I saw a line that had to be at least 50 deep at the Acme ferry building location, although that had to be an anomaly. I saw the same at Tartine and I'm not so sure that was an anomaly.

                    Other places I can think of: Sprinkles Cupcakes in Palo Alto, and Cheeseboard Pizza in Berkeley (though it moves fast). Those seem kind of obvious though...

                    1. re: Agent 510

                      Chloe's always more people on the sidewalk waiting than eating brunch. And for the life of me, I can't tell you why.

                      1. re: Windy

                        Chloe's was the place that convinced me that some people care more about the waiting-in-line part of the brunch experience than they do about the food. Not that the food is bad, it's just no better than you can get at lots of other places with no wait.

                        1. re: Robert Lauriston

                          Agreed, the food isn't bad (unlike some other Noe spots), just unexceptional.

                          They are also much less accommodating because of excess demand, Good luck switching your potatoes for toast, even if both items are available and sitting on the table to your left.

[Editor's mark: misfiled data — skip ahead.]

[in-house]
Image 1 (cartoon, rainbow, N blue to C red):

2. re: foodeye

                      I often go to Ici whenever I am anywhere near the Elmwood and I have only seen them run out of flavors a couple of times. I do try to avoid the crowds on the weekends, but often during the weekdays there is no line at all. Ici is my favorite post doctor/dentist visit spot.

                      Recent favorite flavors: ginger ice milk, chicory cinnamon. I think the ice milks are outstanding: bracingly refreshing and so true to their main flavor. I would rate their cilantro ice milk as one of the best icy treats ever. Just so you don't think I am one of those frou frou people, I'm also fond of McDonald's hot fudge sundaes.

                    3. Rum Raisin ice cream at Boulette's Larder. They discontinued ice cream because it was becoming too much of a zoo and they didn't want to be an ice cream only place, but I suppose they could always fall back on it if business falls off.

                      Tartine's bread (recession proof?)

                      Some of fatted calf's terrines come to mind, like guinea hen, but it seems like they're expanding successfully and should survive any downturn too.